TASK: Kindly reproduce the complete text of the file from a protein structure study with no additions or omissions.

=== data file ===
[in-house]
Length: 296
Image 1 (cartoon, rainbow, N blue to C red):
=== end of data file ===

[in-house]
Length: 296
Image 1 (cartoon, rainbow, N blue to C red):